Optimizing Videos in Final Cut Pro X

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Apple's recent release of Last Cut Pro X (FCPX) has caused quite a lttle bit of controversy. Many new features and speed advancements have been added, but many more features are conspicuously missing. Further, this latest release is not backward compatible with any previous versions. Why is it so different and what is Apple's strategy? Here's the scoop. FCPX Effects

More mature versions of ultimate Trim Pro were built using the Carbon application coding interface (API), which limited programs to 32-bit, therefore limiting available memory to 4GB. In a time where base MacBook Advantages feature 4GB of storage and dual-core, 64-bit cpus, it really is a serious limitation. Apple's latest API, called Powdered cocoa, allows the use of 64-bit architecture, eliminating storage bottlenecks, which necessitated a complete rewrite of ultimate Cut Pro. Because FCPX is a complete spin using Cocoa, it's able to operate much faster on current hardware and takes good thing about multi-core cpus. FCPX Plugins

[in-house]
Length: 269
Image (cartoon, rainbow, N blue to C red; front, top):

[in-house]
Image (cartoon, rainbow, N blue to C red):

Judging by the variety of professional features conspicuously lacking, FCPX was probably written mostly for speed with plans to add more features down the line. It at the moment does not support OMF output, which is often used to import audio tracks into ProTools for mixing, or Edit Decision List (EDL) data, a feature used to move a job into another program for the finishing stage. Multi-cam support and output to tape, a format still employed by many professionals, is also missing. Furthermore, there appear to be no plans to release a new version of Last Cut Server, which can be used to allow multiple users to work on a remotely-stored project simultaneously. A number of video formats, including XDCAM and Red, do not yet have support; due to complete rewrite, support for every single video format should be completely rewritten. Updates adding absent features ought showing up soon, but many professional video editors are, no surpise, worried that they'll be left in the bend.

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